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The UK launches DPT disclosure facility

As part of its crackdown on tax avoidance, HM Revenue & Customs has introduced the profit diversion compliance facility (PDCF), forcing UK taxpayers to choose between voluntary disclosure or be investigated over their TP arrangements.

The UK revenue service suspects many multinational companies have submitted incorrect transfer pricing arrangements in their tax filings that do not reflect the economic or business reality of the company, or that are inconsistent with the OECD’s transfer pricing guidelines. Businesses will have until the end of 2019 to disclose any mis-reporting that could fall under the remit of the diverted profits tax (DPT).

HMRC will start by sending letters to hundreds of large and mid-sized companies it classifies as high risk of diverting profits since the 2016 tax returns. The tax authority believes businesses should have reviewed their tax policies ahead of their 2016 filings in light of the OECD report on Actions 8-10 published in 2015 and the introduction of the DPT on April 1 2015.

“When originally enacted, the DPT was aimed at changing taxpayers’ behaviour, transforming such activities into the regular tax regime,” said Keith Brockman, vice president of global tax at Manitowoc Foodservice.

“However, the concept of adopting this legislation purposely outside the protection of double tax treaties, coupled with the concept of pay first and discuss later, was not met with mutual satisfaction from the business community,” he continued.

The UK introduced the DPT to counter profit shifting after a slew of scandals. It was quickly dubbed the ‘Google tax’, despite the fact that the search engine company books its profits in Ireland and, according to international law, doesn’t have to pay UK tax on its advertising sales.

Under the PDFC, the UK revenue service is targeting companies that shift profits through jurisdictions like Luxembourg, the Netherlands and Ireland. This would likely include a lot of technology companies and other IP-rich businesses.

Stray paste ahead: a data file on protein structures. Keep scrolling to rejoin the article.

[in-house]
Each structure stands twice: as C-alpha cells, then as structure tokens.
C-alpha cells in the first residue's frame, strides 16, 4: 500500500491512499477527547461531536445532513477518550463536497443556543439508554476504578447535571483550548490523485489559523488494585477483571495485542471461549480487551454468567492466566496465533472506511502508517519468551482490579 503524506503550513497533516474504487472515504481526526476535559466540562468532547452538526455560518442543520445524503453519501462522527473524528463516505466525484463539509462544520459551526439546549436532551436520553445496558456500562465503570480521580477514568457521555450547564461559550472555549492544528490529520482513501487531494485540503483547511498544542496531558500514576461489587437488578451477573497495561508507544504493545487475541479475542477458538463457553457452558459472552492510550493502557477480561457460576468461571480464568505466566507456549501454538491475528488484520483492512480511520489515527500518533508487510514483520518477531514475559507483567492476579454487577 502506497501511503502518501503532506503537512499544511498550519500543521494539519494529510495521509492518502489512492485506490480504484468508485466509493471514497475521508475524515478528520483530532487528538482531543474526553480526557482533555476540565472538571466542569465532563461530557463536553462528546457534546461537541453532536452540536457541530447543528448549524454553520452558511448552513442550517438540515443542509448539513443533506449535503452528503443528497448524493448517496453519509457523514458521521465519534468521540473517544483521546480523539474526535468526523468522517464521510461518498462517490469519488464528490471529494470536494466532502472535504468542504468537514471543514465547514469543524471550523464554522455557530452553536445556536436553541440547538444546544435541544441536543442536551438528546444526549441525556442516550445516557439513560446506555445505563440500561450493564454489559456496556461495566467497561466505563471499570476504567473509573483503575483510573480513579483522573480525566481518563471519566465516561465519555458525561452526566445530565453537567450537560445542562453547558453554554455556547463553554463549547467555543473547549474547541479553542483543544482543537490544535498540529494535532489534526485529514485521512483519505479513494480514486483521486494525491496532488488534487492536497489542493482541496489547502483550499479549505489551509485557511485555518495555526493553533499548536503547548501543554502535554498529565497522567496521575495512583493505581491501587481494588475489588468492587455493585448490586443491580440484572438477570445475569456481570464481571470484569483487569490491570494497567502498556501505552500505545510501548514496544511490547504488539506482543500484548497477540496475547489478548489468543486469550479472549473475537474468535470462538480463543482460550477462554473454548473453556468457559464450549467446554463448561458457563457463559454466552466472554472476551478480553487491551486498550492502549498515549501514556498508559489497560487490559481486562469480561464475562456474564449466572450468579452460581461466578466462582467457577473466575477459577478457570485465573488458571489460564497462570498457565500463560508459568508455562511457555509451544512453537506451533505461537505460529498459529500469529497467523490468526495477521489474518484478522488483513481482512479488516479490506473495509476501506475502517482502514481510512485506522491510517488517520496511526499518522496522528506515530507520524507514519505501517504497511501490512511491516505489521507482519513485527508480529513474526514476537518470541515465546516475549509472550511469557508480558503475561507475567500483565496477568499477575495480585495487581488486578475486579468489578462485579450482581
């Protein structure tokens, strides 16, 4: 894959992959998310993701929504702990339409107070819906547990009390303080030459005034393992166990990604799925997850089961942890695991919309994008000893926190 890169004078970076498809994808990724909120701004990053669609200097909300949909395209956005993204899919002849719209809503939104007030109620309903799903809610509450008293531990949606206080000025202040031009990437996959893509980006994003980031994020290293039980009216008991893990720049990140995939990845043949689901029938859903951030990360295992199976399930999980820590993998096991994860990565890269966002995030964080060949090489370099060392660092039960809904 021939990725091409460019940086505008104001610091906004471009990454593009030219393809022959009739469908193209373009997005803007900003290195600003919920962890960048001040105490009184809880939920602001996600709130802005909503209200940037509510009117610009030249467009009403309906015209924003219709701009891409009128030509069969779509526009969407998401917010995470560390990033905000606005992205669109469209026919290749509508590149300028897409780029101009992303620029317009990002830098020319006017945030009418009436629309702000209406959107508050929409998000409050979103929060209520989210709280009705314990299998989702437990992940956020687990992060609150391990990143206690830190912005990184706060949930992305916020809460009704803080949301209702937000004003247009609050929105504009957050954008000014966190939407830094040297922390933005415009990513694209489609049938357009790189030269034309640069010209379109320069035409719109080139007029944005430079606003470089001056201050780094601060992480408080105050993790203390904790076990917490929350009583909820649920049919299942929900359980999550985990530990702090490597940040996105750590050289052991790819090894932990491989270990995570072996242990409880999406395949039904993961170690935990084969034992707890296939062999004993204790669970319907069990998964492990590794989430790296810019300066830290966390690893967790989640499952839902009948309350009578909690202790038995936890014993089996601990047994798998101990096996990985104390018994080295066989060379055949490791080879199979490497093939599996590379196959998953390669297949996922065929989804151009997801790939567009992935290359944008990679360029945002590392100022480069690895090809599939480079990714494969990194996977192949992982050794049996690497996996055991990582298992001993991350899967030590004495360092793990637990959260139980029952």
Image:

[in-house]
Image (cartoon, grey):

HMRC is seeking “free standing and self-explanatory” reports from taxpayers using the scheme, which should include a review of the TP arrangements and detail the extent of tax at risk, the cause of any inaccuracies and failures to notify HMRC beforehand. However, these reports will not be regarded by the tax authority as an admission that the DPT could apply.

Companies receiving a letter from HMRC will need to consider carefully whether the facility is the right way to go. The possibility of opening the books voluntarily might lead to difficult questions. Conversely, not disclosing TP practices might lead to a future investigation.

However, Brockman said it is “important to note that facts and circumstances of transactions for different taxpayers, based on OECD transfer pricing principles, [which] should be the starting point of assessing tax risk versus preliminary judgments based on incomplete facts and analyses.”

Nevertheless, Wendy Nicholls, head of TP at Grant Thornton, has suggested that taxpayers need to move quickly. Running down the clock may only be an option for certain companies.

“There is, however, a limited disclosure window, so businesses should not wait for a nudge letter to be issued,” she told TP Week. “Those who have an accounting period ending June 30 2015, will have little time to act, and should seek advice immediately.”

“One of the key advantages of making a prompt disclosure is the likely mitigation of penalties,” Nicholls said. “However, the work required will be significant, and the benefits of making a disclosure under the compliance facility remain to be seen.”

Shifting the balance

Transfer pricing is a much more subjective area than VAT or even corporate tax that suggests a wider change in the tax authority’s approach.

Heather Self, partner at Blick Rothenberg and a long-time critic of the DPT described the PDFC as “an unusual move” because “it’s the first disclosure facility aimed at corporate tax, and it relates to a subjective area, whereas earlier personal tax disclosures have related to clear errors.”

This shift in focus from individuals to large companies to make disclosures marks a step-change in British tax policy and it may just be the beginning.

“It seems to me that its main aim is for HMRC to manage their workload by getting taxpayers to do a large part of the work for them,” Self said.

“Some companies, particularly if they are confident about their TP policies and DPT disclosure, may prefer to use the formality of an enquiry rather than volunteering information at an early stage,” she added.

However, Jason Collins, partner at Pinsent Masons, expects that after the PDFC closes HMRC will launch a concerted round of investigations into those companies that it has on its list.

“If you don’t come forward under this facility you could face penalties of up to 30% of the tax HMRC considers is owed,” he said. “In some cases, HMRC has indicated that it will be looking at fraud enquiries, with penalties up to 100%, or potential criminal investigation.”

British resident companies with transactions lacking in substance are much more vulnerable to a legal challenge. This is particularly in cases where the transaction or entity in question results in a tax mismatch.

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